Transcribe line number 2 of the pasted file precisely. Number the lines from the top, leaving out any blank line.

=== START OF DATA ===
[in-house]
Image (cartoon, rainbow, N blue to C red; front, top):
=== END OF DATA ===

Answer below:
Image (cartoon, rainbow, N blue to C red; front, top):